Describing his own production signature as "an oxymoron: clean and dirty at the same time," Needlz caught the ear of many popular rap acts, most notably 50 Cent and his G-Unit camp, in the early to mid-2000s. With a predilection of straying away from sampling, his "clean and dirty" style often consists of abrasive basslines, grimy sound effects, and light melodies. He first began shopping around his beats as a graduate student at New York University (NYU) and had some success making tracks for a few artists including Fabolous and the Ruff Ryders. However, his breakthrough tracks were the 2004 major hit single "Let Me In" from Young Buck's Straight Outta Ca$hville and the beef-stirring "Piggy Bank" on 50 Cent's The Massacre. He also devised theme songs for BET's Rap City and MTV's Suckafree Sundays.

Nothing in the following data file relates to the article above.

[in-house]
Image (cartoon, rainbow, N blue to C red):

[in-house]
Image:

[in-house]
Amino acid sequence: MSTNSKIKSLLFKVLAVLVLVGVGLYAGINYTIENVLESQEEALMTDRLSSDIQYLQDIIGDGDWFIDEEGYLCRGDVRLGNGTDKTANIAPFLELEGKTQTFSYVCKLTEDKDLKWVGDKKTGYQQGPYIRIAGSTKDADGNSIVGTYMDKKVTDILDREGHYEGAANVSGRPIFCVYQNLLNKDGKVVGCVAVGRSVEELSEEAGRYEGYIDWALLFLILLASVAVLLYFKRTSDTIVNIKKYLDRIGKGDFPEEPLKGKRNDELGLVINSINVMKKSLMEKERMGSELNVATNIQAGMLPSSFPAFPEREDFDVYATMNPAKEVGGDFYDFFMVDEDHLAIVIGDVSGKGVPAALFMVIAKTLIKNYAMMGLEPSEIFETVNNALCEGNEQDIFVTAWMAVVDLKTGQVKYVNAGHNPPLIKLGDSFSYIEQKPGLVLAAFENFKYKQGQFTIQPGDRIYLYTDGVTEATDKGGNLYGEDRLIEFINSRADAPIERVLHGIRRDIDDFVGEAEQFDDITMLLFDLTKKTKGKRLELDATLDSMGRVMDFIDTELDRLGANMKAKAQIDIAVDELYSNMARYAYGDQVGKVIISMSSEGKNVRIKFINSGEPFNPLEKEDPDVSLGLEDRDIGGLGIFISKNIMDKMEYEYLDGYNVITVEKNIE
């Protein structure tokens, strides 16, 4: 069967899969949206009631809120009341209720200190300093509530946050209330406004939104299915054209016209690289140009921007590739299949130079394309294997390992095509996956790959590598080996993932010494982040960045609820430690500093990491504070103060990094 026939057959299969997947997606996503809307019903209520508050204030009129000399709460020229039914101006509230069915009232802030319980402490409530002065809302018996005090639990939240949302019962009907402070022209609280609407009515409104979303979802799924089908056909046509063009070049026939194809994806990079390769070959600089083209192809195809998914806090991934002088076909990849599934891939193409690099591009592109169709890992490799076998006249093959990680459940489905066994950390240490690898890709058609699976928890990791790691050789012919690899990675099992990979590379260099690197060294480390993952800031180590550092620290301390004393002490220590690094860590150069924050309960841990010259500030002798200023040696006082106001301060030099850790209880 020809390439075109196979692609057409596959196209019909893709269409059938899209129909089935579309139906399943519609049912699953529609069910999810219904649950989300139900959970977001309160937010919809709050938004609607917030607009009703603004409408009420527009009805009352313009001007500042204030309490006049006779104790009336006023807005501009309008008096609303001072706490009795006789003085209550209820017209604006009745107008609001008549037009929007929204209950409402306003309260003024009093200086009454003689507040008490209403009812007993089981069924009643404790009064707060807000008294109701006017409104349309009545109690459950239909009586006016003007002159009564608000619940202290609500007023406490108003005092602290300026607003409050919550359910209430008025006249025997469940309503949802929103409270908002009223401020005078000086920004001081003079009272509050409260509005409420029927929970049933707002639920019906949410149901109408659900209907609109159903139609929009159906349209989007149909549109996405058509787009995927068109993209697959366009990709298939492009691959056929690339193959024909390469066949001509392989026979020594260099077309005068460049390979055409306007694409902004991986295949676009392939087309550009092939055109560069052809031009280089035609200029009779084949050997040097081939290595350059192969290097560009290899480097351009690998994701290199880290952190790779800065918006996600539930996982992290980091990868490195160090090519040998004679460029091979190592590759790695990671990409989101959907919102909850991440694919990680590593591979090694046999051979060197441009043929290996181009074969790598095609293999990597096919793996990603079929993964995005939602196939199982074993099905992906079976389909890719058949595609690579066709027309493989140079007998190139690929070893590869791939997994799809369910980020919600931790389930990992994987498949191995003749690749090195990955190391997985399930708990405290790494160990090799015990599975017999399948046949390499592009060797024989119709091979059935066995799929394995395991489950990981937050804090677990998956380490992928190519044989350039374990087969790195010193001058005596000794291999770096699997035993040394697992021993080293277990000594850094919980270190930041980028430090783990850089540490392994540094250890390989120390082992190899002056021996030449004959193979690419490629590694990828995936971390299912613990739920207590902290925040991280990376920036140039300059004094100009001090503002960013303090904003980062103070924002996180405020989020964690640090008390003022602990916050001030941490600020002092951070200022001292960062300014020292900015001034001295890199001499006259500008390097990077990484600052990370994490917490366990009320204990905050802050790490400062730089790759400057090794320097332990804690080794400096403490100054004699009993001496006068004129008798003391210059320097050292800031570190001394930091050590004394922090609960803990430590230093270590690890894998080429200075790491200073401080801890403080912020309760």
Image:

Born Khari Cain, Needlz grew up in Lansing, MI. He attended Florida A&M and Florida State University for undergrad, where he also did DJing for parties and local clubs. His introduction to the music industry began at NYU as a coffee-fetching intern for Sean "Diddy" Combs' Bad Boy Entertainment. As a music business major, Cain was planning to pursue a career as an A&R, but the experience at Bad Boy left him embittered. At the time, beat-making was mainly a hobby, but he became determined to work for himself. Eventually, his work wound up on the desk of A&R Folayan Knight. She helped land him the BET and MTV deals as well as the connection with G-Unit, which has been his main clientele. 2005 was a lucrative year for Needlz, boasting productions for a variety of different hip-hop artists including Talib Kweli, the Game, Cassidy, and Trina.